August 08, 2003

Ganging Up on Arnold

William Babcock, the head of the journalism department at Cal State Long Beach, writes in the L.A. Times, argues that "the vast bulk of coverage now needs to be centered on (Arnold) Schwarzenegger."

We know all about Gov. Gray Davis, the recall target, says Babcock, but precious little about Schwarzenegger that was written in a script.

Babcock says pro-wrestler Jesse Ventura won the gubernatorial race in Minnesota in 1998 because the local press gave him equal treatment to his two competitors, presumably allowing his buffoonish persona to slip unnoticed past voters.

Setting aside Babcock's underestimation of the pop-culture difference between "The Terminator" and "The Body," he does have a point.

The San Francisco Chronicle today, perhaps anticipating the call to pencils from Babcock, takes a run at defining Arnold.

Best quote from the candidate himself: "I will fight for the environment. Nothing to worry about."

Best quote from someone who is not the candidate:

"It's like going through a buffet line where you find all sorts of things, on the left and the right, that you can chose from," said Bill Whalen, a research fellow at the Hoover Institution, who advised Schwarzenegger in 2001 and analyzed his public positions. "Reporters are going to try very hard to put him in a box, but I don't think there is a box that would fit Arnold," said Whalen. "He said something very interesting to me once: 'You have to understand I am internally conflicted. I have an Austrian upbringing, but an adult life in California.' "

The Sacramento Bee, the governor's hometown asks the prosaic question: "Who is this larger-than-life guy, really, and what does he know about running the state of California?"

Unfortunately, the Bee gets distracted by interviews with political consultants arguing over whether Schwarzenegger can win and failed to answer its own question.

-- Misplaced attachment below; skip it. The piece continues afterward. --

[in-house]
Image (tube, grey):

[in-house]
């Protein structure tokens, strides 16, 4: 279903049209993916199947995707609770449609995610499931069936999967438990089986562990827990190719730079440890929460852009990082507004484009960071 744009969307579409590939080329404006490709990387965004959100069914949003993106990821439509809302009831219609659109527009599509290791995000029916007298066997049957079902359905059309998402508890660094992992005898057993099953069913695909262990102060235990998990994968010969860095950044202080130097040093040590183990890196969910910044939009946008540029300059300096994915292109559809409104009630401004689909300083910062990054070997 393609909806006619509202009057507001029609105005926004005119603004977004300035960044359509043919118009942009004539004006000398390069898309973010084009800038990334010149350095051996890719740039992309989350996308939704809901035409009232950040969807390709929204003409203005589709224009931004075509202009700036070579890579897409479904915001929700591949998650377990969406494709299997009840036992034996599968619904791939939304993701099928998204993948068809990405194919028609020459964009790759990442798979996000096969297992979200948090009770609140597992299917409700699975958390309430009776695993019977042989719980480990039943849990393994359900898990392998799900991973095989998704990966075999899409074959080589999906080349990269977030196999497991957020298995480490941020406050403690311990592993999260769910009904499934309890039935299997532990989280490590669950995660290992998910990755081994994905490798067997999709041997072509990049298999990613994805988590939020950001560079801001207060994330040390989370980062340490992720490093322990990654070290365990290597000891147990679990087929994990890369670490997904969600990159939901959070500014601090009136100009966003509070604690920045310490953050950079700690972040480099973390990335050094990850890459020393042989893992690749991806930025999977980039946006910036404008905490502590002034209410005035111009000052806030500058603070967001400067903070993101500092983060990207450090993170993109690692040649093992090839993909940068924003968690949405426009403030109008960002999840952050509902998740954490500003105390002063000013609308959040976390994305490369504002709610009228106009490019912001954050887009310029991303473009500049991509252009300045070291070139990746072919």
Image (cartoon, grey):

Best quote: "It remains to be seen whether this is 'Seabiscuit' or 'Gigli,' " said Ken Khachigian, a Republican campaign consultant.

The L.A. Times, in a story about the entertainment value of the California race and Schwarzenegger's "Q factor," points out that unmasking the "real" Arnold (assuming that what we see isn't it) won't be easy.

" 'What will access to Arnold be?' said Harvey Englander, a Los Angeles political consultant. 'Is it going to be the walk and wave? How many in-depth interviews will he do? How many sit-downs will he have with the media who cover government and politics in California?'

" Philip Trounstine, who heads the Survey and Policy Institute at San Jose State, said it is critical for political writers to pose serious policy questions.

" 'Arnold may try to sidestep the political writers,' he said. "As long as Jay Leno is your only interviewer and you don't have to face a [veteran political reporter], it can be a cakewalk.' "

Best quote: "He's not going to pick up a ray gun the way he does in the movies and splatter it across the Assembly."

This is reporting you have to love. Babcock's right: Everybody in the ring!

 William Babcock Put Schwarzenegger Under Media Microscope
 San Francisco Chronicle Views of actor-candidate not easy to put in usual categories
 Sacramento Bee Now the big question: What does Schwarzenegger know?
 Los Angeles Times Campaign Is the Ultimate Reality Show

Posted by Tim Porter at August 8, 2003 08:16 AM

I agree. The closer the media peer into what's behind Arnold, the better off California voters will be.

But it's not like Arnold has come from nowhere. The man has been in the media for decades. I imagine a look at his interviews over that time -- bodybuilder Arnold and actor Arnold -- would result in a pretty good read and serve as a starting point for a fresh look at candidate Arnold.

Posted by: Bill Bowman on August 8, 2003 07:48 PM
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